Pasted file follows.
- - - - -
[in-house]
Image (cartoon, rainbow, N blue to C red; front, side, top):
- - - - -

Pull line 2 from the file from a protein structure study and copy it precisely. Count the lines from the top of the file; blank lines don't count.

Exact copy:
Image (cartoon, rainbow, N blue to C red; front, side, top):